Podcast Episode 92 is now online

Hello Friends!

Episode 92 of Joe’s Tango Podcast is now online!
Listen here

My guest today is Mark Word. He's a clinical social worker who's passionate about helping victims of psychological trauma. Much of his experience also stems from the military, where he functioned as a Behavioral Health officer with the 101st Airborne Division. Before falling in love with tango, Mark was a professional musician, spent a number of years living in Europe, and also developed a passion for languages. 

Mark combines his expertise as a mental health professional with tango to explore the healing effects of tango, and has some fascinating answers for us...

More on Mark here:
His Blog

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Don't get stuck in the past

Over time, not only will our own tango evolve, but the community around us will probably change, too. 

Friends will come and go, as may teachers. New venues may appear, and old ones may close. Despite all this, it’s best to find ways to keep moving our tango forward. Yes, we’ll be nostalgic for times when certain dancers were still in town, or when classes and/or events were done a different way. 

But let's not get stuck in the past, or be too romantic about it. Constantly talking about how better things used to be is not a strategy for a better future.

The world of tango is aways in flux, regardless of how big or small our communities are. Sometimes the changes will be welcome, sometimes not. But regardless, there will always be opportunities for tango to enrich our lives. Ultimately, we are responsible for the amount of enjoyment we get from dancing. As times change, either we’ll have to look for it elsewhere, or we may have to create it ourselves.



When we feel like we're actually dancing, we realize that we've let go of anxiety and the mental struggle of remembering countless technique points. That feeling of smooth movement, even if it's fleeting at first, gives us a sense that we can indeed become tango dancers after all.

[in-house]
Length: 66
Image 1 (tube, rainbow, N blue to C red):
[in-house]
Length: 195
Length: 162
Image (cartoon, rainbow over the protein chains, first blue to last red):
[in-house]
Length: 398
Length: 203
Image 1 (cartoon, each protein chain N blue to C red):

The sensation is like riding a bike for the first time, when the person teaching us lets go of the seat and leaves us to balance on our own. On the dance floor, we capture that feeling when we start making a better effort to move with the music.

We may still stumble every now and then as our muscle memory takes shape, but the key to our next tango breakthrough is closely tied to the music. So let's pay closer attention to it, trust it, and not be afraid to let it take us. 


Podcast Episode 50 is now online!

Hello Friends!

Episode 50 of Joe's Tango Podcast is now online!

In this episode, we'll meet Jake Spatz, who's based out of Washington, DC.

My guest today is Jake Spatz. He began dancing tango in 2001 in Brooklyn, NY, and has been teaching regularly in Washington, DC, since 2005. He currently runs the popular Eastern Market milonga on Thursdays, where he has been the house teacher and a regular DJ for twelve years. Since 2010, he has taught for the student tango club at the University of Maryland.

Jake's work in tango has led to performances for the Washington Performing Arts Society, where he led a small troupe that opened for Broadway legend Chita Rivera; and he has been featured as a dancer at Disney World,  two television commercials, and a full-length stage play. As a dancer and DJ, Jake has been featured at the Philadelphia Tango Festival, Tango De Los Muertos, the New Year's Marathon in Providence, and numerous "big weekend" events around the East Coast, including a milonga thrown by actor Robert Duvall.

In addition to dancing, teaching, and DJing, Jake's tango interests have included translation and literary research. He edited the book In Strangers' Arms by Beatriz Dujovne (McFarland, 2011), and has translated the lyrics of more than 80 tango songs. 

Check out our conversation on iTunesSoundcloud or Stitcher.

Please take a few seconds to subscribe, give a 5-star rating, and a positive review (on any or all of the above mentioned sites). This makes it easier for new listeners discover the podcast. Thank you!

More episodes coming every Monday...

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When it comes to dancing tango socially, a good embrace and connection may not be apparent to an outside observer. But those elements are necessary in order to make tango enjoyable for our partners.